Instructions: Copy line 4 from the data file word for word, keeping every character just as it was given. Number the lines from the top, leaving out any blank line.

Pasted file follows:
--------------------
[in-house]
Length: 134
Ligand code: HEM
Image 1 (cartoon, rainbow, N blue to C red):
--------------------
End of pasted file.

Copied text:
Image 1 (cartoon, rainbow, N blue to C red):